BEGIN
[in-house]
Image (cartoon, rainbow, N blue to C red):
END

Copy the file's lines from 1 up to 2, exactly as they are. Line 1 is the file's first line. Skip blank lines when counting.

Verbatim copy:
[in-house]
Image (cartoon, rainbow, N blue to C red):